The fabric is a rayon that I got in Australia. I am trying to buy florals on a black background as they are more wearable as dresses than my usual choices. In a top this is more unusual.
For the Sorbetto pattern, I traced out the full size pattern pieces so that I can lay them flat and get the most out of the fabric. I left out the centre pleat as this is meant to be a scrap buster, and the pleat is very distinctive, and completely lost on a print. I think I need to raise the shoulders by half an inch, and I also need to add a centimetre to the hips.
With a small amount of fabric to work with, I had to cut the back piece upside down, and the length is as much as I could manage. The birdies are very secretive, so I don't think anyone will notice the odd one upside down, and I tried to compensate for the length by doing a faced hem, which gained me an extra cm. I actually think this is the perfect length for me.
I did french seams, but then I unpicked the bottom to create a side split so I had to cut the seam allowance. This isn't very tidy, but it will do. I had to hem around the split and create a bar tack over the cut edges. Without a short waist adjustment, I need the extra space at the top of the hip.
I hand stitched the neckline facing down. I was on holiday, so I took it with me as a hand sewing project. I stared on attaching the hem facing by hand, but didn't bother to finish it, and completed it by machine back at home.
I still don't utterly love this pattern. It is too boxy to be truly flattering on my, but in a drapey fabric, it works out very nicely, and as a free pattern, it's pretty amazing.
Monday, 18 June 2018
With sincere apologies to my mother's lovely, gorgeous and talented friend, who made this nightie for her: I have refashioned it into girls' summer pyjamas.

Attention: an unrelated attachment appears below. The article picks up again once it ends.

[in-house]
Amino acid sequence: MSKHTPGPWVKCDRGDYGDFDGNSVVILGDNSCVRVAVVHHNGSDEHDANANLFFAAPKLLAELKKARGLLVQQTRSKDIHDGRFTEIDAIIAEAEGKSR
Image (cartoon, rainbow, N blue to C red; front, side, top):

When I opened it up, I could see that it was just two straight rectangles, sewn selvedge to selvedge. It was very nicely done, and yielded about 2.5m of fabric, plus a lot of lovely lace and ribbon. I used almost all the fabric for these pyjamas, with none to spare. Partly because I had to work around a few stains as this nightie is quite a few years old.
I shortened the sleeve to 28cm, to include a cuff detail. The legs, I shortened to the lengthen/shorten lines and then removed another 1 1/2 inches. I should have flared out for the cuff piece, the legs taper to the cuff and I lost some width when I turned them up.
I spent a long time adding piping to the front facings, the collar and the pocket pieces, plus the hem and sleeve cuffs. All told, it needed 3.4m of piping cord. I used one of M's old work shirts for the piping fabric. It was nice and stiff, which I needed since I was pulling apart a 3mm piping cord to make 1mm and the bumps show through if the fabric is not made of stern stuff. Plus, free fabric! All I had to put in to this whole project was the interfacing, piping cord and waistband elastic.